In the wake of the tragic drowning of a 6-year-old boy on a Carnival Cruise Line ship this weekend, one would think the cruise industry would be working overtime to improve safety onboard vessels, especially by hiring lifeguards, but alas, safety is just yesterday’s news and the industry seems to keep focusing on more ways to make ships more exciting.
The cruise ship accident lawyers our firm have had enough excitement with the latest string of passenger deaths, injuries and illnesses and we would like to finally be able to say the industry is working toward a viable solution to the bevy of safety issues it has faced for several years, but breaking news isn’t the installation of infrared cameras to detect overboard passengers or greater surveillance options near ship pools, the last news comes from Celebrity Cruises, which proudly announces it is increasing its entertainment options.
We all know that cruise ships are fun, what we don’t know is when they will be safe. Accidents on the high seas and in port are becoming more frequent and it’s hard to believe Celebrity can focus on anything other than how to improve its safety policies. But, the cruise lines never ceases to amaze us, and with that, our attorneys have learned that the Royal Caribbean subsidiary is rolling out with a ton of new fun features for guests to enjoy, including new casino gaming options, which we mentioned in a previous blog, new itineraries and even new ships.
All of these upgrades are undoubtedly expensive, but so are cruise ship accident lawsuits. It’s about time the industry start preventing accidents from happening instead of undertaking damage control after the fact.
Let’s see where Celebrity’s funds are going instead of where they ought to go (obviously on more safety features).
Firstly, Celebrity is expanding its Solstice-class ships — its biggest and nicest — by upgrading other categories, adding Solstice amenities to make them more luxurious. So how much is this costing Celebrity? A whopping $120 million for just four ships: the Celebrity Constellation, the Celebrity Infinity, the Celebrity Summit and the Celebrity Millennium.
The upgrade included….drum roll please…a grass-covered, backyard-like Lawn Club, an outdoor glass-blowing studio called the Hot Glass Show, AquaSpa rooms featuring private balconies, a wider range of dining options (as if cruise ships didn’t have enough), and several others. Sure, this seems cool, but $120 million is a lot of money – money that could have been better spent on safety upgrades instead.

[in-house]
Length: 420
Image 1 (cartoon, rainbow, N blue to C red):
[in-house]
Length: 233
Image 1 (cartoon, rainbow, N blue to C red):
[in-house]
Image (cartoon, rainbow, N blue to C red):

As our attorneys previously blogged about, Celebrity will also be introducing a new mobile casino gambling option. Guests who have smart phones or tablets will be able to download an app called Cantor Mobile Casino, which allows them to invest cash and play casino games like slots and poker anywhere onboard the ship as long as the vessel is in international waters.
The app can be accessed through the ship’s Wi-Fi, which we all know is EXTREMELY EXPENSIVE. Internet access on the high seas can cost an arm and a leg no matter what cruise ship you are on. Celebrity has yet to announce whether Wi-Fi will be free for the virtual gamblers, but knowing the industry, it’s safe to assume there will be some fees involved.
Celebrity is also rolling out with a slew of new Caribbean itineraries, including port calls at St. Barts, St. Croix and San Juan. This isn’t necessarily a waste of money, but still, the upgrade project could have been drastically cut down to focus on itinerary changes and safety add-ons and the cruise line would have STILL probably had money left over to add a few amenities.
Unfortunately, the number one concern for cruise lines seems to always be revenue. How much more money could the already multibillion-dollar industry want?
Ships already have a bunch of fun features for guests to enjoy, so it’s time to set aside those millions and allocate them toward safety projects.
Carnival, which has led the way in cruise ship accidents this year, announced last May it would be undergoing an expansive safety upgrade following the Carnival Triumph cruise ship fire, which made headlines for the dire conditions passengers were forced to endure, including meager meal options and non-working toilets. Yet, we are still waiting on those upgrades.
A 6-year-old boy tragically drowned this weekend in a Carnival Victory pool; a death which could have been possibly prevented had the cruise line hired multiple lifeguards to be on duty and watching for signs of possible drowning.
To the naked eye, a child may just appear to be playing underwater. But to the trained eye of a lifeguard, dangerous situations can be spotted a mile away.
There are many things cruise lines can do to improve safety, if anything at least require small children to wear arm floats while in the pool and limit the number of guests inside a pool or hot tub at any given time to avoid overcrowding and accidents.
If we can think of these simple options, that don’t cost a dime, why can’t the cruise industry?
We don’t know how much more we can stress the need for shipboard safety improvements across all fleets, not just Carnival or Celebrity. There is no ship that is 100% safe and it’s high time the industry became seriously committed to making improvements to protect passengers from harm so they can enjoy their vacations with peace of mind.
One of my theories about the accident on board cruise ships is that they are understaffing the ships and over working the crews that are on board. This can only lead to more accidents.
Published on October 17, 2013
Categories: Cruise Ship Law